By the end of this week, we as the United Kingdom of Great Britain and Northern Ireland will no longer be members of the European Union.
For some that will be a moment they are looking forward to.
For others it will be a moment of great sadness. For others again, it will be greeted with no more than a shrug of the shoulders.
There are consequences that have still to be fathomed and repercussions we have, as yet, no real idea of. But our course is set.
How we adjust to the very different circumstances we find ourselves in is what matters now.
The sad thing about the journey we have been on these past three and half years is the rise there has been in intolerance.
There are those who have seen this realignment of our nations’ political identity as an opportunity to create a society riven with division.
It is as though leaving the European Union has given a small number of people the excuse they have been looking for to blame others for the failings in our system.
“They” have taken our jobs, abused our health service, fed off our benefits system.
“They” have taken power away from us, cost us too much, made too many demands.
These accusations may not have any real foundation but in a time of uncertainty such as we face right now they offer, to some, a way of coping with the powerlessness they feel. But we need to recognise that what that blame mentality does is lead to a “them” and an “us”.
Looking to lay blame is what leads to people from other countries being told to “go home”. It’s what leads to people of other faiths facing verbal and sometimes physical abuse because of the way they practise their faith. It leads to hate. And there ought to be no room for hate in any 21st Century society. Especially not in Scotland.
We have just celebrated Burns Day, when we acknowledge the life and the works of a far-from-perfect human being, whose contribution to the life of our nation has been to burst the bubble of pomposity (in the church, it’s true, every bit as much as in politics) and to remind us of the importance of treating each other with respect.
Burns encourages us to be gentle with each other, to “gently scan our brother man, still gentler sister woman”.
He also reminds us that no matter where a person sits on the economic spectrum, rich or poor, well thought of or looked down on, incomer or local, a man’s a man for a’ that.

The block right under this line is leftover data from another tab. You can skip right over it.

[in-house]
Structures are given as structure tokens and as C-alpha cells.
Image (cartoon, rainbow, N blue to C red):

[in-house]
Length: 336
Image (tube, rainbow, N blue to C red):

Then let us pray that come it may,
As come it will for a’ that,
That Sense and Worth, o’er a’ the earth
Shall bear the gree an’ a’ that.
For a’ that, an’ a’ that,
It’s comin yet for a’ that,
That Man to Man the world o’er
Shall brithers be for a’ that.
For us in this new world we face, we need to find a way of being who we are without feeling the need to batten down the hatches and pull up the drawbridge.
When any of us travels elsewhere, we expect to be welcomed. There are places in the world that right now are dangerous places to be, but we would choose destinations we think are safe – which is what others do when they come here.
Whether they come with a lot or very little, they come because they feel it is a safe place to be. When our youngsters go off to work abroad, to gain experience, we expect them to be treated as fairly as the others in the country they find themselves.
That is what other people of all ages who come here to the UK want too.
If our youngsters, or those who choose to retire abroad, should get into any sort of difficulty, we would expect them to find the help they need where they are.
The same is true of those who have become a part of our communities in Scotland.
History tells us of the number of Scots, over the centuries, who have been welcomed into every part of the world to begin new lives, some taking great wealth with them, but many more with nothing more than the clothes they stood up in.
Many contributed greatly to their adopted homes, as do many who have adopted the UK as home.
It has to be said, there is a geographical reality in the midst of all the politics. That reality is this – the deadline drawing near is not going to change the fact that, geographically, we remain Europeans.
All of that makes me think that what seems to me to be the crucial question for us as January 31 draws near is: how are we going to define ourselves now? Are we going to define ourselves by who we are not, or by who we are?
And who are we? People who are a tiny part of the whole world o’er? Or Holy Willies? We have the choice.
The Very Rev Susan Brown is minister of Dornoch Cathedral and the former moderator of the General Assembly of the Church of Scotland